She accepts her challenges & makes the most of them.
Paige knows she has a hard time with certain things.  She does a great job making the most of what she's been given in life.  She has a positive attitude, is patient with the situations she faces & still loves herself & those around her.  

I love Paige for teaching me so much.  I want to follow her example & use these tips each day as I face different challenges and trials.

Tell me!  What has your child taught you about challenges??  Let's learn from each other's littles!  

Linked up to Fellowship Fridays, Love That Max, How Do You Do It? Parenting Link Up, LDS Link-up Party & The Homemaking Party

4 comments:

  1. I subbed for five weeks in a special education class that included a girl who could not speak clearly. . She didn't have Apraxia.. she had something with her mouth that made her physically unable to form words clearly. She had an iPad she used as a communication device, but she hated using it. It was awesome how she managed to communicate without words... the other kids barely seemed to notice that she did not speak. She was best friends with a boy with a cognitive disability, and the two of them seemed to have some sort of telepathy going on! It kind of made me want to do an experiment and go a week without speaking, to see if I could do as well as she could!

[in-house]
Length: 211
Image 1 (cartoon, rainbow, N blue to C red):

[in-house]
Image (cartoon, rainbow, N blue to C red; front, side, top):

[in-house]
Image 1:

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    1. You know what? I read a blog once by a mom who tried to go a day without speaking and used her son's communication device, but I can't find it! It was a great read, very touching!

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  2. My daughter has apraxia as well but she is the most joyful, friendliest child I have. I'm amazed at how she just figures it out on her own and finds ways to communicate with others. She doesn't let it get her down.

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  3. Paige sounds like such a delightful child. Meeting her some day would be a real treat. Thanks for introducing her to DifferentDream.com readers by adding this post to the Tuesday link share!

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I actually really love it when you comment! ;)